Bulbs get eaten by mice and voles

Tulip bulbs in a perennial gardenAs you can see bulbs, and in particular tulips, are amongst my favourite flowers. However, six years ago I hit a big problem; mice and voles started eating the bulbs – every single one of them. In that year I had carefully planted over eight hundred tulip bulbs individually amongst the garden’s perennials!

Tulip bulbs in a perennial gardenI resorted to growing tulips in pots as the daffodils were being left alone. Each year I tried a few in the ground and most were eaten but sometimes a few were left alone – why?

Tulip bulbs in a perennial gardenA Dutch bulb grower offered two solutions to the problem: poison or interplanting with Fritillaria imperialis – Crown Imperials; apparently their smell is repugnant to rodents as much as it is to humans. Last year I tried this and it seemed to have worked, but the jury is still out as I explained in an earlier post on red tulips.

Tulip bulbs in a perennial gardenCrown Imperial bulbs are large and expensive and also difficult to grow well in my heavy clay soil. I can improve the soil when planting and will definitely add some more to the flower borders this autumn, but I am also going to try something else which may just prove to be more effective.

Fritillaria meleagrisFritillaria meleagris colonises damp soil sites by self seeding; its nodding flowers are charming, but more importantly its bulbs also smell and are very cheap to buy. My plan is to drop one into each and every hole I dig to plant my tulips. In theory this should be more effective in deterring the rodents than the occasional Crown Imperial placed one in every square meter or so. The nice thing is that, if it works, this easily grown fritillaria will seed around making the garden less and less attractive to mice and voles over the coming years.

Tulip bulbs in a perennial gardenFinally I placed my bulb order in spite of having planned to do it early this year, but fortunately they still had stock of everything I wanted. Next spring orange will be the theme featuring the sophistication of the Fosteriana Group tulip ‘Orange Emperor’ and the vibrant Triumph ‘Prins Willem-Alexander.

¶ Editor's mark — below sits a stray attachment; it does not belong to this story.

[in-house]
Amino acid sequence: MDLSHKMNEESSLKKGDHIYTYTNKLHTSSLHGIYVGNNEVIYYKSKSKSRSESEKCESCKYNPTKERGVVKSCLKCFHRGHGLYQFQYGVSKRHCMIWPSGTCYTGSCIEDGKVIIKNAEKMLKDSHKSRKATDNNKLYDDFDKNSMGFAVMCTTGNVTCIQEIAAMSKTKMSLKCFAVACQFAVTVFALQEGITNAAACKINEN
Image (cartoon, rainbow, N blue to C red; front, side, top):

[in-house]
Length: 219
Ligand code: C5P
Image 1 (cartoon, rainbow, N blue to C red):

“Will it work?”, time will only tell.

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Summer, Perennials and Thoughts on Maintenance

Veronicastrum sibiricumDesigning mixed perennial meadow plantings is all about choosing plants that work together well over an extended period of time by uniting into a living community where each has a part to play.

Books will tell you that such plantings are low in maintenance and possibly need no more than an annual tidy-up. This can be true, but mostly mixed perennial plantings need knowledgable maintenance to keep them up to the standard of the original design intention. See my earlier post on Community Planting.

Looking around my gardens at the beginning of July examples of this are to be seen.

Mixed PerennialsThe small entrance border that was a delight in spring is now taking a rest.

Perennial borderThe wild geraniums and Lysimachia that flower there now have arrived spontaneously. They are charming at the moment but in a couple of weeks time this border will have its mid season tidy-up. These weeds and the wild aster that grows here will be pulled out. Some of their roots will remain behind and make a welcome return next year, but these plants are not going to be allowed to take over this border.

Perennial border
The two borders in the middle of this garden are low and filled with drifts of bulbs in spring. In summer they become green and restful, building in height to a late summer crescendo when eventually drifts of yellow rudbeckias and large clumps of miscanthus start flowering.

Perennial borderSome replanting was needed to redefine the edges here and stop the area looking abandoned and wild. These changes were made a few weeks ago during a period of rainy weather. With such a dense mix of large and spreading perennials this part of the garden is very low in maintenance indeed.

Perennial borderIn early summer two long, narrow borders draw attention with the combination of the purple spikes of Veronicastrum sibiricum ‘Red Arrows’ and the flat umbells of Cenolophium denutatum. The veronicastrum will continue to contribute its seedheads to these borders for the rest of the year, but the umbell will start to form seed and create a seedling problem if I don’t intervene. Also by mid July these borders look over full and the rigorous cutting back of the umbells creates space for the grasses and heleniums which will come to dominate this area in a few weeks time.

Perennial borderMaintaining perennial meadows is as much about removing things as it is about putting plants together in compatible associations.

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Tulip Order

They are early this year, but Tulipa sprengeri are flowering in the garden and this marks the end of the tulip flowering season.

Tulipa sprengeri

Tulipa sprengeri

There is no better time to plan your bulb order than now whilst the memories of the past season’s bulb displays are fresh in your mind. In my earlier post I showed how well the red tulips had worked dotted amongst my masses of emerging perennials. Most of these red tulips were Darwinhybrid Group tulips which are amongst the most likely to return of the many  types that we can grow. In these borders I plan to add more of the reds as well as some glowing orange tulips to extend next year’s display.